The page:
Monday, November 19, 2012

Step 11 Activity: Coloring Mandalas


Step 11:  Sought through prayer and meditation to improve our conscious contact with a Power greater than ourselves, praying only for knowledge of God's will for us and the power the carry that out.

Supplies:

  • Print out of a mandala or use a child's coloring book
  • Crayons or colored pencils or markers


What does it mean to meditate?

The word meditation may have originally come from two Latin words.  Meditar means to think, to dwell upon and to exercise the mind.  Mederi means to heal.  The sanskrit term medha, which may also be associate with the term meditation, means wisdom.

When we hear the term "meditate," most of us imagine a spiritual practice where someone is sitting down, with their eyes closed and attempts to empty their mind.  The goal of meditation is to relax, find an inner sense of peace and connect with a Higher Power.  I like to think of prayer as talking to Higher Power and meditation as listening to Higher Power.

The term meditation covers a broad range of practices, in the same way that the term sports covers a broad range of activities.  Yes, many people do meditate by sitting still in a quiet place and attempting to quiet the chatter in their minds.  However, other people may meditate by gardening, jogging, spending time in nature, listening to music or guided imagery. Any activity which is engaged in mindfully, free from a lot of mental chatter, may serve effectively as meditation practice.  For some people, a repetitive activity like washing dishes may be a meditation.

In Zen Buddhism, meditation done while walking is known as kinhin.  Meditation done while engaging in a simple task mindfully is known as samu.  Samu might include cooking, cleaning, gardening, or chopping wood.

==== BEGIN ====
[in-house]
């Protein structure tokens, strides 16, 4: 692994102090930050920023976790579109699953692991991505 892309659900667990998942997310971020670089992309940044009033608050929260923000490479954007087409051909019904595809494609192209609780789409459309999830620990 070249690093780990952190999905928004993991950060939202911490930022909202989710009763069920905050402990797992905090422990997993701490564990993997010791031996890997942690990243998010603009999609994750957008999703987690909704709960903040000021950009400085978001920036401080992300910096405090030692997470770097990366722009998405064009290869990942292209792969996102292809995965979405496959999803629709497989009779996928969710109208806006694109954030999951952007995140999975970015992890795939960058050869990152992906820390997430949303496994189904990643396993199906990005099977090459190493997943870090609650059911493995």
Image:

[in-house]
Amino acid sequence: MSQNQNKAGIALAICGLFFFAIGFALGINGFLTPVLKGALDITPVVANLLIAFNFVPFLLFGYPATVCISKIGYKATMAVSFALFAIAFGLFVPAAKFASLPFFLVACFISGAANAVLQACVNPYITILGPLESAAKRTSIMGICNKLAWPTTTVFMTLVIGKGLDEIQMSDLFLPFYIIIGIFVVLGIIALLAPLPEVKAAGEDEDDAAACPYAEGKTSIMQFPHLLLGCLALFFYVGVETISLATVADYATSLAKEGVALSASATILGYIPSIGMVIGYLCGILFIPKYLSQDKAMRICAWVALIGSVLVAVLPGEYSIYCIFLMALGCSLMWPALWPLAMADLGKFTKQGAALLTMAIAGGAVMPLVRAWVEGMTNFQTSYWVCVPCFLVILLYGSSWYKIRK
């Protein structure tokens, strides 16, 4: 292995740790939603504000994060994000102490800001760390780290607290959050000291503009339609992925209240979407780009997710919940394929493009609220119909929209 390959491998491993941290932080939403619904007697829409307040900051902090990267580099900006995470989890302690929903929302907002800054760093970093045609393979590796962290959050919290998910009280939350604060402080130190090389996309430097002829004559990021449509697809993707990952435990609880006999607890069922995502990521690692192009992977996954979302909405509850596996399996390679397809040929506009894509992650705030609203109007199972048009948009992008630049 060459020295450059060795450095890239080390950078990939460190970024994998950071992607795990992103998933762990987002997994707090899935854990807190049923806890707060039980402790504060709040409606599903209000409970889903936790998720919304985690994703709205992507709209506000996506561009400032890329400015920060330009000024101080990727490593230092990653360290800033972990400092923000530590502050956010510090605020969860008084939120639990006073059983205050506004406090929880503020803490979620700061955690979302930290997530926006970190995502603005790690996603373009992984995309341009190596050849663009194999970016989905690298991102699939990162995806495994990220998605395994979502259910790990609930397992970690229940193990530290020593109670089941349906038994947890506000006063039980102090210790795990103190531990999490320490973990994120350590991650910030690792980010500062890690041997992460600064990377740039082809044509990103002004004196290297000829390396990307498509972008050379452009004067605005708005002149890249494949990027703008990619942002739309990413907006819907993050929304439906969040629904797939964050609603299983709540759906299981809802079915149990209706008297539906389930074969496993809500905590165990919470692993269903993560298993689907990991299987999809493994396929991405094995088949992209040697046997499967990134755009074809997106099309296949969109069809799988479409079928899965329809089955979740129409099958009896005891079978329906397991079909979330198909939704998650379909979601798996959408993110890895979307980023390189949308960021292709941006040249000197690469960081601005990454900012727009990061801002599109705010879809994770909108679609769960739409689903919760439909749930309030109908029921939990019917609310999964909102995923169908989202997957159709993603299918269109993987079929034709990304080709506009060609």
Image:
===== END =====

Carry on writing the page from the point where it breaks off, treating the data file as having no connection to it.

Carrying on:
For this 11th step activity, we will be performing a samu meditation in coloring mandalas.  The entire process from choosing colors to the gentle, repetitive motion of your hand on the paper can serve to quiet your mind.




The word “mandala” is from the classical Indian language of Sanskrit, which loosely translated means “circle.” However, a mandala is far more than a simple shape.  It represents wholeness, and can be seen as a model for the organizational structure of life itself.  Circles appear in all aspects of life: the celestial circles we call earth, sun, moon, as well as conceptual circles of friends, family and community.  In various spiritual traditions, mandalas are employed for focusing attention, as a spiritual tool, for establishing sacred space and as an aid to meditation.

Feel free to print out the mandala above.  Or there are an abundance of coloring mandalas that you can download from a variety of websites:




Here is a mandala I colored:



What do you think of coloring for recovery?  What other activities have served as a samu meditation for you?

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